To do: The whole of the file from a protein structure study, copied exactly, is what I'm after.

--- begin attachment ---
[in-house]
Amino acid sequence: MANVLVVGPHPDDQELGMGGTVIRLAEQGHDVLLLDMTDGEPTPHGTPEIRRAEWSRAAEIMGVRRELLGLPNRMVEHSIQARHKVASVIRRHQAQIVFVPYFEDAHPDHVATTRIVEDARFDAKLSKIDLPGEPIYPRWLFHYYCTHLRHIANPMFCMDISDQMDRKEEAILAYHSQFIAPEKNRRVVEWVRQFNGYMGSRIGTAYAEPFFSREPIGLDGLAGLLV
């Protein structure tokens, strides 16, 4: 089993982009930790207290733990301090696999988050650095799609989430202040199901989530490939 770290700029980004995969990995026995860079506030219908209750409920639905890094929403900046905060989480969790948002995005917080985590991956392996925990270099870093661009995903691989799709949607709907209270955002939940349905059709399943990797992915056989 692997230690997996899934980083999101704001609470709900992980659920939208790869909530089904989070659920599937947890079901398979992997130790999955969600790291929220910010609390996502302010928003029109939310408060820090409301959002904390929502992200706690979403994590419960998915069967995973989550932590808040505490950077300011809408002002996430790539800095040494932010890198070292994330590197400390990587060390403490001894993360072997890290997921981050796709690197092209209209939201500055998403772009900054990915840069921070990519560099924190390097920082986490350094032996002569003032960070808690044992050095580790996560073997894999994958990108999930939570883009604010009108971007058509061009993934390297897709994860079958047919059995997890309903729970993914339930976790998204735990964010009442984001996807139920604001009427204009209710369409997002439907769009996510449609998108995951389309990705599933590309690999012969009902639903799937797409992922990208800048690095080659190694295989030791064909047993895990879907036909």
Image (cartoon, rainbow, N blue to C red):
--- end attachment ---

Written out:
[in-house]
Amino acid sequence: MANVLVVGPHPDDQELGMGGTVIRLAEQGHDVLLLDMTDGEPTPHGTPEIRRAEWSRAAEIMGVRRELLGLPNRMVEHSIQARHKVASVIRRHQAQIVFVPYFEDAHPDHVATTRIVEDARFDAKLSKIDLPGEPIYPRWLFHYYCTHLRHIANPMFCMDISDQMDRKEEAILAYHSQFIAPEKNRRVVEWVRQFNGYMGSRIGTAYAEPFFSREPIGLDGLAGLLV
């Protein structure tokens, strides 16, 4: 089993982009930790207290733990301090696999988050650095799609989430202040199901989530490939 770290700029980004995969990995026995860079506030219908209750409920639905890094929403900046905060989480969790948002995005917080985590991956392996925990270099870093661009995903691989799709949607709907209270955002939940349905059709399943990797992915056989 692997230690997996899934980083999101704001609470709900992980659920939208790869909530089904989070659920599937947890079901398979992997130790999955969600790291929220910010609390996502302010928003029109939310408060820090409301959002904390929502992200706690979403994590419960998915069967995973989550932590808040505490950077300011809408002002996430790539800095040494932010890198070292994330590197400390990587060390403490001894993360072997890290997921981050796709690197092209209209939201500055998403772009900054990915840069921070990519560099924190390097920082986490350094032996002569003032960070808690044992050095580790996560073997894999994958990108999930939570883009604010009108971007058509061009993934390297897709994860079958047919059995997890309903729970993914339930976790998204735990964010009442984001996807139920604001009427204009209710369409997002439907769009996510449609998108995951389309990705599933590309690999012969009902639903799937797409992922990208800048690095080659190694295989030791064909047993895990879907036909």
Image (cartoon, rainbow, N blue to C red):